Just last month, Governor Gavin Newsom announced that he made a deal with a Chinese electric car manufacturer in order to obtain more N95 protective masks for emergency responders in California. But on Monday, Newsom's attorneys refused to tell the public exactly what was in that $990-million contract with the Chinese company, despite the fact that millions of shipments had already arrived in the state.
“Cal OES determined all responsive records are exempt from disclosure, including exemptions for records reflecting attorney work product, attorney-client privileged information, or other information exempt from disclosure under federal or state law,” Ryan Gronsky, an attorney with the Governor’s Office of Emergency Services, said.
The response, or lack thereof, came after the Los Angeles Times requested public records from the Governor's Office of Emergency Services. California lawmakers have also requested for the information to be made public. But officials from Newsom's office continue to insist that there is no obligation for the contract to be made public, citing that it could jeopardize their agreement as well as the delivery of the masks.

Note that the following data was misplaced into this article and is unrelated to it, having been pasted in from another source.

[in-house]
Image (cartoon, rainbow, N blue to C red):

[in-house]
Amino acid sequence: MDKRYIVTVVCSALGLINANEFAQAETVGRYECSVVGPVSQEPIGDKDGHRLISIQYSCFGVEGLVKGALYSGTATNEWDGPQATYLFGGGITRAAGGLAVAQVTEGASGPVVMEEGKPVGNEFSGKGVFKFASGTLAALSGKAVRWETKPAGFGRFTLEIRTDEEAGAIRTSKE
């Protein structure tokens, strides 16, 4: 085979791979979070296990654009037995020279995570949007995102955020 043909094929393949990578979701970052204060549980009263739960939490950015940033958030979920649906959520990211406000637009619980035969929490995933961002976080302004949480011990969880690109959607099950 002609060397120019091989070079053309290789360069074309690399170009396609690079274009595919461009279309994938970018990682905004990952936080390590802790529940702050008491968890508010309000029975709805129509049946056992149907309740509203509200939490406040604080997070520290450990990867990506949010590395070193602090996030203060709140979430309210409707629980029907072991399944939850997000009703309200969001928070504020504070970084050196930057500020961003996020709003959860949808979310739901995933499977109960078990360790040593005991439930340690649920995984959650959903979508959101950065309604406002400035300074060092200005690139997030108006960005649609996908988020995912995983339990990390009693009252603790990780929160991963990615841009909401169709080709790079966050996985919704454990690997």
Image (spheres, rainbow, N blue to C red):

“Publishing the agreement now — before performance under the contract is complete — would introduce substantial and unnecessary risk to the State’s ability to secure necessary supplies,” Gronsky added.
All we know is that the agreement includes the purchase of 200 millions masks per month, for at least two months. We don't even know how much the state is paying per mask...
According to a spokesman for Cal OES, more than 10 million masks had been delivered to the state as of Monday. For the full report, visit The Los Angeles Times.